In general the dimensional tolerances were close to acceptable however small deviations cause problems. Also the ABB robots should have been purchased with the optional Bulls Eye (BE). The BE provides automated TCP control. The BE is one of the key outstanding patented features of an ABB robot. With optimum robot program points established, the BE automatically maintains the programmed points (weld wire position and weld gun angle to work) through control of the robot's tool center point. At this time with no controlled TCP the operators almost hourly shut down the cells to make what they believe are effective program point adjustments. Many of their adjustments are poor, yet without a TCP program there is no way to go back to optimum pre-established robot program points. The operator involvement creates a band aid approach. resulting in extensive manual intervention in the robot cells creating numerous productivity / weld issues.

Note: From a product launch perspective. The investment in the purchase of the automated TCP equipment (approx. $3000 a unit) makes a lot more sense than the purchase of the 140 Miller Invision "pulsed power sources" As the pulsed arc was found to be unstable, the Pulsed MIG is turned off on this application. Frankly if individuals could see through the salesmanship that surrounds the costly pulsed weld equipment they would be aware that it's not been as well suited for high weld speed, steel applications as the lower cost traditional CV equipment. If a Miller, Delta Weld with built in interface had been purchased instead of the Invision, the savings generated would have paid for the Bulls Eyes equipment.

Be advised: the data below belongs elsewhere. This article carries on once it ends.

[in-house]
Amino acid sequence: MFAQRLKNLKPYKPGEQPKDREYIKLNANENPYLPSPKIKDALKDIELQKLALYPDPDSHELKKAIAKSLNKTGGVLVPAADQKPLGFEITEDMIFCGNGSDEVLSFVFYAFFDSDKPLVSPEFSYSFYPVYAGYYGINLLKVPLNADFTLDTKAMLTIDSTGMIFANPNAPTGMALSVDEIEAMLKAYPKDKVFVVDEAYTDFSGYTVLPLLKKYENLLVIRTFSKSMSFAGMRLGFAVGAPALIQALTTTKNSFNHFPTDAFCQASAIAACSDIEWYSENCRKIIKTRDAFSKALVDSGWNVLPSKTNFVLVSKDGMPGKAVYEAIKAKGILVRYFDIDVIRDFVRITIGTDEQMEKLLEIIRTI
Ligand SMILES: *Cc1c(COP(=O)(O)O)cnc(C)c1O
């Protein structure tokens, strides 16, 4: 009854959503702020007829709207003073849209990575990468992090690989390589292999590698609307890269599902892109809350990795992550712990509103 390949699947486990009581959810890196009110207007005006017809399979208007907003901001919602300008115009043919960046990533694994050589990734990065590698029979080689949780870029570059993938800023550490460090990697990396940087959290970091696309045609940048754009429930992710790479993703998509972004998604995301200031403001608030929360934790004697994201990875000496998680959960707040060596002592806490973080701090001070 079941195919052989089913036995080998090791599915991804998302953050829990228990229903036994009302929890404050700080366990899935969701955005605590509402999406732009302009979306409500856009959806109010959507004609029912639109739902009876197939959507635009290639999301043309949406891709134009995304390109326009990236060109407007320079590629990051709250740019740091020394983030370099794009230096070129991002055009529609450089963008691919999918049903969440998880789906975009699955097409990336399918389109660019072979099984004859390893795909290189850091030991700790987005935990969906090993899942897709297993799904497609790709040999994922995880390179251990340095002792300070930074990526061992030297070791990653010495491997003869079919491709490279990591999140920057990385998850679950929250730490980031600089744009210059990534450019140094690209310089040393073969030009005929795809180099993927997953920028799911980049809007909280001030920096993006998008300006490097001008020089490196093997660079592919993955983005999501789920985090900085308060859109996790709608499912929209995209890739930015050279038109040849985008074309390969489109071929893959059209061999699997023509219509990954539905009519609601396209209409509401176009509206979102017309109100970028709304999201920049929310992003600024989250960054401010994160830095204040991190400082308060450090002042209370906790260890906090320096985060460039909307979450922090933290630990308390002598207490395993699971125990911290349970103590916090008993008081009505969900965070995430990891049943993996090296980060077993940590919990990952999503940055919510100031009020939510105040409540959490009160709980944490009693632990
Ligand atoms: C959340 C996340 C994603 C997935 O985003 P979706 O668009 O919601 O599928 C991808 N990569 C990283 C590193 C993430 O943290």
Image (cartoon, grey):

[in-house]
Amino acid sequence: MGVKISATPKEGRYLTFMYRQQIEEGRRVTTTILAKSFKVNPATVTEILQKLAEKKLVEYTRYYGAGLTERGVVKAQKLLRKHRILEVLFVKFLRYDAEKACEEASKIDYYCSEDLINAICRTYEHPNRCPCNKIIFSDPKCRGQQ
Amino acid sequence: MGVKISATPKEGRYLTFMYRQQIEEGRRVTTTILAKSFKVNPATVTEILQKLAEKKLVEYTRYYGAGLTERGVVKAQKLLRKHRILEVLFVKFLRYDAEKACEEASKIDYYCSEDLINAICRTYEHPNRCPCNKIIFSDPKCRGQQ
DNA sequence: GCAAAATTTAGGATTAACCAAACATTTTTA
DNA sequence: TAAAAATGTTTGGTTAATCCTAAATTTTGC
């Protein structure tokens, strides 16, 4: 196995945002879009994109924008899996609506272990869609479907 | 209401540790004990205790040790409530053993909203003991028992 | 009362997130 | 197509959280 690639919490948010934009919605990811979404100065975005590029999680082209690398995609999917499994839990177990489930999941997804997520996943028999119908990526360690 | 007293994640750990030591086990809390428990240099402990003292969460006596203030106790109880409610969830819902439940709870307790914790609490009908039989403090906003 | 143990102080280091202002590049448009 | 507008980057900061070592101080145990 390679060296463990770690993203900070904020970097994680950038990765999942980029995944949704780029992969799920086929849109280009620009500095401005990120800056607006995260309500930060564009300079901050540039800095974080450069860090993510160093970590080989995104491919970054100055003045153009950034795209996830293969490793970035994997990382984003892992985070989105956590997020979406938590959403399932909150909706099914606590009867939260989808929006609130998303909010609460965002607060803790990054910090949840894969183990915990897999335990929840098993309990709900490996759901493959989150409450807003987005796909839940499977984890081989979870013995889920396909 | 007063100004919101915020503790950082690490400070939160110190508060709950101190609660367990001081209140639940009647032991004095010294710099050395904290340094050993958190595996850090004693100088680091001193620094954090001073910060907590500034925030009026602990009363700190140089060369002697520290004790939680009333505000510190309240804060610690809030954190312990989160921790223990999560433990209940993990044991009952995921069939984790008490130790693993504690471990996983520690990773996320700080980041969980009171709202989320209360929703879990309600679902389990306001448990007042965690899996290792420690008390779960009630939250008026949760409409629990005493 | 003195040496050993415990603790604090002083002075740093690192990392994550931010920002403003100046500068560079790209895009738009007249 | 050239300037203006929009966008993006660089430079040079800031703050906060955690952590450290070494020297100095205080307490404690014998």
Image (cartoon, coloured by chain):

Note there was no use of touch sensing or through the arc tracking (TAT) used. Its illogical on some of the weld joints why there was no use of the TAT

[d] Robots, Consumables and process issues:

Your corporate project management selected the 0.052 (1.4 mm) MIG wire. This large diameter wire was an incorrect wire diameter. As the pulsed mode was erratic you were left with the spray mode. The 0.052 wire spray current t requirements was simply too high for the gage frame parts. The robot weld data used is therefore in the erratic globular mode, resulting in poor weld quality and excess weld spatter that impacts both the parts and contact tip, (increasing robot down time). This wire size selection is a prime cause of your daily process issues.

As extra shifts commence at this plant, and the facility ramps up to attain it's target robot weld production, without a major change to the consumables / process and without the implementation of effective management influenced weld process controls, there will be a rapid increase in the manual weld rework and further loss of productivity. The robot down time has the potential to increase from 60 minutes per-shift to a minimum average range of 90 minutes per-shift.

[e] Management Engineering driven issues:

From a mechanical / weld quality perspective, the daily manual over welding that takes place on these frames is simply masking the frame weld problems that daily jeopardize the frame structural integrity. Also the frames produced indicate to your customer Ford, a lack of management control and lack of engineering expertise in your organization.